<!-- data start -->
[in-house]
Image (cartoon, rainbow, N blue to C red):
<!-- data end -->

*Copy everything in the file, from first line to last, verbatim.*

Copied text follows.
[in-house]
Image (cartoon, rainbow, N blue to C red):